Salleh Said Keruak
Setting aside the religious aspects of fasting during the month of Ramadan, the one-month religious obligation for Muslims brings out certain positive aspects in nation-building. The breaking of fast during Ramadan is done on a communal basis where family and friends get together to break their fast. Seldom do people ‘eat on the run’ like how our normally busy schedule dictates where we have no time to sit and eat or even eat together.
The breaking of the fast reminds families about the enjoyment of sharing a feast with loved ones. Friends and colleagues, whether Muslims or otherwise, socialise and strengthen their ties, which they would not do if not because of the fast. There is no better way of keeping those bonds strong than sitting together to enjoy a meal and the pleasure of each other’s company.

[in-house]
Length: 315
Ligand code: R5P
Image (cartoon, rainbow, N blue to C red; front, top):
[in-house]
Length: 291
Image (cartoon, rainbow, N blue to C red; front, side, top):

Malaysia is a plural society and when those of all ethnicities and religious persuasions are able to mingle and socialise, even during a religious tradition, then we can be assured of strong inter-ethnic relations and stability. Ramadan offers that opportunity for Malaysians to demonstrate they are Malaysians when they come together at the dining table because food, to Malaysians, is a uniting factor.